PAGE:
Richard Cooke was born in Newark in 1935 to a homemaker mother from Alabama, and a Buffalo-born auto mechanic father whose family originally came from Raleigh, North Carolina (where his grandfather was a minister). A retired schoolteacher at the time of his interview, Cooke described himself as a proud product of the Newark public school system to which he returned to teach for 35 years. He noted that, as a student, he had not had a Black teacher in either Newark or East Orange Public Schools. After completing a BA in English and Speech from Shaw University and an MA from NYU, Mr. Cooke was drafted into the Army, serving 28 months. He then began teaching at Bruce Street School for the Deaf.
Throughout the interview Mr. Cooke describes the Newark neighborhood in which his family lived on Camden Street, including the popular commercial district on Prince Street and discriminatory practices of merchants downtown. An active member of Bethany Baptist Church since 1948, Mr. Cooke recalls doing a reading of William Ashby’s book there. He also recounts his admiration for Amiri Baraka and recollections of other notable African American Newarkers such as Irvine Turner, Ken Gibson and Judge Harry Hazelwood. Mr. Cooke’s family would eventually move from Newark to East Orange in 1950.
Martha Gaynor was born in Irwinville, Georgia in 1916 and came to Newark as a girl in 1926. She traveled for three days by coal powered train in and recalled black passengers being seated near the engine because it was dirty and having to give up their seats to white passengers when transferring in Washington. Her father was a sharecropper growing peanuts, potatoes and tobacco. She and her brother would carry sacks of cotton for her mother who she remembers could pick 300-400 pounds in a single day.
Whereas in Georgia all children were educated in one classroom, in Newark she was put in the 1st grade and was such a diligent student she worked her way through 3rd grade by the summer. In high school she opted for night school at Barringer Evening School while working days in a factory manufacturing children’s clothing.
E. ALMA FLAGG
Dr. E. Alma Flagg was born in City Point, Virginia in 1918 and first migrated to Newark with her mother in the 2nd grade. Her father, who died when she was 12, was born in North Carolina while her mother was from South Carolina. Dr. Flagg would return to Newark in 1943, after graduating college and time spent teaching in Washington, D.C. She spent the rest of her forty-year career in Newark, where she would distinguish herself as the first principal of an integrated school before ultimately becoming Assistant Superintendent of Newark Public Schools in charge of curriculum.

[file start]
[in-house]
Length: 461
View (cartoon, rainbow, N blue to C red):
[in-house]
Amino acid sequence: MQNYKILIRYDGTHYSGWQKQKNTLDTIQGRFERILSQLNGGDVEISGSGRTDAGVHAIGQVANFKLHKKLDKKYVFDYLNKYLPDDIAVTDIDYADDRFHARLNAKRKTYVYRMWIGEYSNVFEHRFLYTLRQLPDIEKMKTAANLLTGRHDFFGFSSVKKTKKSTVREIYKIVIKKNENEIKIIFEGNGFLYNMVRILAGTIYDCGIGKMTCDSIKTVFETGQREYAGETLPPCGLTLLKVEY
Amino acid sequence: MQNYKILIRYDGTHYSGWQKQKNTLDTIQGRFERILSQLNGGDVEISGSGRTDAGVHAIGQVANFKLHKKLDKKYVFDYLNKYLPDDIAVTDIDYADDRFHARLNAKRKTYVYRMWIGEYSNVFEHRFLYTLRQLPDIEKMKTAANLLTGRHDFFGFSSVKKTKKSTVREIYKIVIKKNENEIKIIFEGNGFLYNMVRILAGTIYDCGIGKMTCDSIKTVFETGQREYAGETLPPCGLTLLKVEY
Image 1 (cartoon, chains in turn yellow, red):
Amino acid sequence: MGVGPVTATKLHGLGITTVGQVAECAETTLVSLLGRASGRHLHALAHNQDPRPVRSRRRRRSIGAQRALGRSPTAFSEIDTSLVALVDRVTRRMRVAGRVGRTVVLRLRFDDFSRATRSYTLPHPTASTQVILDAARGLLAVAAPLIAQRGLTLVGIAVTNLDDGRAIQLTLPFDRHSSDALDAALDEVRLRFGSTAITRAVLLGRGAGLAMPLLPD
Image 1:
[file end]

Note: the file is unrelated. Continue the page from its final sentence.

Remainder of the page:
She recalls life in mid-century Newark, remembering Newark and New Jersey editions of the Chicago Defender and Afro American newspapers, as well as WNJR radio, as being trusted sources for news and information in the African American community. She offers a pointed definition of “integration” as being the, “Arrival of the first Black to departure of the last White.” Dr. Flagg was an active member of the NAACP, League of Women Voters and Weequahic Community Council in addition to her work with the Newark Preservation Landmark Committee through which she fought to save the Historic Plume House from being razed for Interstate 280.
ANNIE ROSE JOHNSTON
Annie Rose Johnston was born Annie Rose Moses on December 1st, 1911 in Burke County, Georgia. Growing up as one of thirteen on a farm, she learned to pick cotton as a child, despite being blind, and could pick upwards of 150 pounds in a day. Both her mother and father were also born in Burke County and each had a fourth grade education. Mrs. Johnston came north by train with her family in 1922 and lived in two rooms in a boarding house. The first year her mother and brother both suffered with pneumonia and she was sent to a residential school for the blind in New York.
Mrs. Johnston worked as a teacher under the Works Progress Administration both in Newark and in Cedar Spring, South Carolina where she taught at a school for the deaf and blind. Upon returning to Newark in 1944 she got a job in a factory and stayed there until 1947 when she went back to school for her Masters degree. She later went on to become a darkroom technician at Martland Hospital where she worked for nearly 33 years.
Owen Wilkerson was born in 1943 in Halifax, Virginia. He was four years old when he came to Newark. The family’s first home was on Barclay Street. His position at the time of the interview is in the Office of the City Clerk. Wilkerson was also a reporter for both The Afro-American newspaper where he covered the 1967 uprising and the Newark Evening News until it went out of business. His civil service included working with Newark’s Board of Education. He later became aide to Assemblyman Eugene Thompson, working on tenants’ rights’ issues.
Mr. Wilkerson at one time lived on the same street as Redd Foxx, on Hillside Avenue. Mr. Wilkerson reminisces with great detail about the various neighborhoods where he lived. Wilkerson’s first paying job after graduating from Weequahic High School was at Cooper Sportswear on Sherman Avenue in 1961. After that he went to college wherein his next job was in the summer at the Newark post office where his salary covered a semester’s tuition. He remembers High Street as an important site of pride and a model of living for Newark’s African Americans.